Persuasion: The cognitive dissonance theory

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During the last months, I faced several decisions that would determine how this year was going to be like. I had lived in my own last summer, when I did an internship in Madrid, but this was completely different: I would live an entire semester abroad, in the University of Texas at Austin. Therefore, choosing an adequate dorm or apartment was important and I tried to compare some of them. After realizing that my choice was actually not as good as advertised, I unconsciously started trying to reduce that dissonance. But the behavior that will be described leads to the question: how can laziness affect our behavior and help reduce dissonances?

I arrived to Austin on January 5th. An almost empty room, which barely had some furniture and with an added constant noise of the air conditioning system. By that time it was christmas holiday and there was no people there; after some days and hearing some friends’ experiences in West Campus I decided to change my room and try in other place. This was a radical reaction: I was altering my behavior because there was a huge dissonance and I did not feel alright with my choice. But after looking some offers and thinking about the tedious process that I was starting, suddenly my room started to look better.After thinking deeply about the situation, I decided to give it a try and stay some more days, or at least a whole week, in my room so I could get used to it and see if it improved.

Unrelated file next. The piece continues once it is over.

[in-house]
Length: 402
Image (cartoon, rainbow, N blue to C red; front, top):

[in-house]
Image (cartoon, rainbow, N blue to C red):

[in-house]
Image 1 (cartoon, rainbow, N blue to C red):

So, instead of altering my behavior leaving my room I did other things to change my way of seeing them, in order to reduce the dissonance. Some of my actions included communicating with some friends, to see that their choices also had their own disadvantages; and spread apart the alternatives by giving more importance to some features of the dorm that I had chosen (the cafeteria buffet food was actually good and I had an unlimited plan, so this option was supposed to be better than the other one). After waiting one week, the dorm started to be filled of people and everything seemed more normal. But did laziness intervened in the process? Could bureaucracy have influenced the decision of not changing my room? It seems that the impact must be big to make you change your decision and alter your behavior. If there are other options to convince yourself that your choice was a good one, many people try to persuade themselves rather than acting in other way or assuming that they made a mistake. Or maybe it is harder to complain when you have a ten-person queue in front of you, and you recur to other options to reduce your dissonance than changing your behaviour.